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Supreme Court Could Be Headed To A Major Unraveling Of Public School Funding

Kendra Espinoza stands with her daughters outside the U.S. Supreme Court on Wednesday. Espinoza is the lead plaintiff in a case that could make it easier to use public money to pay for religious schooling.
Jessica Gresko
Kendra Espinoza stands with her daughters outside the U.S. Supreme Court on Wednesday. Espinoza is the lead plaintiff in a case that could make it easier to use public money to pay for religious schooling.

In a case with potentially profound implications, the U.S. Supreme Court's conservative majority seemed ready to invalidate a provision of the Montana state constitution that bars aid to religious schools. A decision like that would work a sea change in constitutional law, significantly removing the longstanding high wall of separation between church and state.

The focal point of Wednesday's argument was a ruling by the Montana Supreme Court that struck down a tax subsidy for both religious and nonreligious private schools. The Montana court said that the subsidy violated a state constitutional provision barring any state aid to religious schools, whether direct or indirect.

On the steps of the Supreme Court Wednesday, Kendra Espinoza, a divorced mother of two, explained why she is challenging that ruling.

"We are a Christian family and I want those values taught at school," she said. "Our morals as a society come from the Bible. I feel we are being excluded simply because we are people of religious background."

Vocal Supreme Court justices

Thirty-seven other states have no-aid state constitutional provisions similar to Montana's, and for decades conservative religious groups and school-choice advocates have sought to get rid of them. On Wednesday, though, that goal looked a lot closer.

Five of the justices at some time in their lives attended private Catholic schools, and some of them were particularly vocal. Justice Brett Kavanaugh said that the history of excluding religious schools from public funding has its roots in the "religious bigotry against Catholics" in the late 1800s. He seemed to dismiss arguments made by the state's lawyer that Montana had completely rewritten its constitution in 1972, without any such bias.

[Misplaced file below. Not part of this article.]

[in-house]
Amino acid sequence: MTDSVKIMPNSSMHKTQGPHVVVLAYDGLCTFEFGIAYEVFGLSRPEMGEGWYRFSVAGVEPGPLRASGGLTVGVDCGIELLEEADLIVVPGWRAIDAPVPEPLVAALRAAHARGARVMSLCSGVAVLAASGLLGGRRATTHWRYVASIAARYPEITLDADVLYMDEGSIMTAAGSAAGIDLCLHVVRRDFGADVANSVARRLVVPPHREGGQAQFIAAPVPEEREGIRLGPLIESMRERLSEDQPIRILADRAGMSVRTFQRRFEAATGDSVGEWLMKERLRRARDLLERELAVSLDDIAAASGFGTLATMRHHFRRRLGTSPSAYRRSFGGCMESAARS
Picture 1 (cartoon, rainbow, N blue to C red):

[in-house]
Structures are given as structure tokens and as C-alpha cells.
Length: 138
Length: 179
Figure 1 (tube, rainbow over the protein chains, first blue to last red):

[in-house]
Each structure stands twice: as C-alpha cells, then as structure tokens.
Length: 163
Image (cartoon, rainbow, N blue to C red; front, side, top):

Mae Nan Ellingson, one of the delegates to that convention, said afterward that there were ministers and "people of all faiths" at the convention who overwhelmingly had supported the no-aid provision.

"We didn't think that public funds should be used to support private parochial education but rather that public funds need to support public education," she said.

The justices, however, seemed uninterested in that record.

'A radical decision'

Chief Justice John Roberts and Justice Samuel Alito compared the exclusion of parochial schools from taxpayer-funded aid programs to unconstitutional discrimination based on race.

That view suggested that Wednesday's case has the potential for much broader public funding of parochial schools.

It wasn't enough, for instance, that the Montana court treated all private schools the same way, whether they were religious or not. As Justice Elena Kagan put it, once the Montana court invalidated the tax subsidy for all private schools, weren't they all "in the same boat?"

No, replied lawyer Richard Komer, representing the religious parents. He maintained that the no-aid provision in the state constitution is itself a violation of the federal constitution. And he also argued that because the state constitution illegally discriminated against religious schools and families, the tax-credit program must be revived. In short, that the state has no discretion to abolish it.

"That would be a radical decision," said Justice Sonia Sotomayor.

Justice Stephen Breyer wondered where the plaintiffs' equal-treatment argument would end. He noted major school systems spend billions in taxpayer money to fund the public schools. "If I decide for you," he asked, would these school systems "have to give proportionate amounts to parochial schools?"

Deputy Solicitor General Jeffrey Wall, representing the Trump administration, basically answered "yes."

"You can't deny a generally available public benefit" to an otherwise qualified institution "based solely on its religious character," he said.

Representing the state of Montana, lawyer Adam Unikowsky told the justices that the states until now have generally had the power "to decide that they're only going to fund the public school system."

But Justice Kavanaugh repeatedly seemed to suggest that religious families who want to send their children to parochial schools should be treated equally under the constitution.

Just how far the Supreme Court will go in that regard may depend on Chief Justice Roberts, who, after a long night at the impeachment trial, did not entirely tip his hand.

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Nina Totenberg is NPR's award-winning legal affairs correspondent. Her reports air regularly on NPR's critically acclaimed newsmagazines All Things Considered, Morning Edition, and Weekend Edition.